Second Temple Period Ritual Bath Found in Jerusalem

Israeli archaeologists excavating in the Qiryat Menachem quarter of Jerusalem have unearthed remains of a ritual bath dating back to the late Second Temple period (200 BC – 70 CE).

Bird's eye view of the Second Temple Period ritual bath unearthed in the Qiryat Menachem quarter, Jerusalem (Israel Antiquities Authority)

Bird’s eye view of the Second Temple Period ritual bath unearthed in the Qiryat Menachem quarter, Jerusalem (Israel Antiquities Authority)

“Numerous ritual baths have been excavated in Jerusalem in recent years, but the water supply system that we exposed in this excavation is unique and unusual,” explained Dr Benyamin Storchan from the Israel Antiquities Authority.

“The ritual bath (miqwe) consists of an underground chamber entered by way of steps. The miqwe received the rainwater from three basins that were hewn on the roof of the bath, and the pure water was conveyed inside the chamber through channels. The ritual baths known until now usually consist of a closed cavity that was supplied with rainwater conveyed from a small rock-cut pool located nearby. The complex that was exposed at this time is a more sophisticated and intricate system.”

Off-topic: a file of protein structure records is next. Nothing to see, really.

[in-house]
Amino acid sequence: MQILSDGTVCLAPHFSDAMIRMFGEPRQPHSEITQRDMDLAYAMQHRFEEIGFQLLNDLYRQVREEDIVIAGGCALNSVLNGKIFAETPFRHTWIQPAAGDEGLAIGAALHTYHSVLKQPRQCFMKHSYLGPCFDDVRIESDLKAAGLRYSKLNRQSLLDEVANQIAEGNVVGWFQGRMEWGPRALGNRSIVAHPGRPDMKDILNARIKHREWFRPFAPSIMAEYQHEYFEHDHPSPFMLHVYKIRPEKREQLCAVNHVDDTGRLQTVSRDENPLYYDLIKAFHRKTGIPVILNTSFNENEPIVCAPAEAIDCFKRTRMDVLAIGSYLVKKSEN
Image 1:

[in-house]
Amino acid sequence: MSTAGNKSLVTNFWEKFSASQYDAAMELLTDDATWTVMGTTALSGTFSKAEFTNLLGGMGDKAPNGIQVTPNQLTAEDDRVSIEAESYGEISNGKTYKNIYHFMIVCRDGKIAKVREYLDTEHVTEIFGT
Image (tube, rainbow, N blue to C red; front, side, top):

A close up view of the Second Temple Period ritual bath (Israel Antiquities Authority)

A close up view of the Second Temple Period ritual bath (Israel Antiquities Authority)

“The bath was apparently associated with a settlement that was situated there in the Second Temple period. Presumably, due to the rainfall regime and arid conditions of the region, the inhabitants sought special techniques that would make it possible to store every drop of water. It is interesting to note that the bath conforms to all of the laws of kashrut, like collecting the water in it naturally without human contact, and ensuring that the water does not seep into the earth which is why the bath was treated with a special kind of plaster”.

“The neighborhood community has expressed great interest in the conservation of the miqwe. The Israel Antiquities Authority and the Moriah Company are working to make this delightful treasure a site for the benefit of the residents and visitors,” said Jerusalem district archaeologist Amit Re’em.